As the cars pass I pop out my thumb and put on my best please-pick-me-up-I’m-not-a-serial-killer face. And for the better part of an hour, to no avail. Finally an old man driving the classic small town pick-up van stops to offer me a ride. His reaction is priceless and says something in Spanish roughly translated to, “Holy shit! What valiance!’ Followed by, ‘Shit lady you’ve got two balls as big as…’ Suffice to say he was surprised to encounter me that day.

Weaving down the mountain I try my best to keep pace with his strong southern accent. This is where learning Spanish in AndalucĂ­a – despite initial recommendations against it – finally paid off. Words were partial and silent consonants could easily slip you up. A few kilometers later he’d regained composure, improved articulation and eased up on the ‘joders.’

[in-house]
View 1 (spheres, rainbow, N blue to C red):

He motions to the backseat where a tattered leather sunhat and wooden shepherd staff lay. He explains that he’s just coming back from mushroom foraging. One of his favorite sports – where it’s nothing but him, his small cloth sack and the fresh mountain air. Perfect for thinking and clearing the mind. Once upon a time he lived in the city – now he enjoys the simplicity of mountain life.

We talk about family – he has a partner and two dogs, they couldn’t have children but he doesn’t seem to mind. He carries the stereotypical Spanish passion for food – with all his hand gesturing I’m worried for a moment he might lose the road but he tones it down around bends ensuring at least one hand is on the wheel.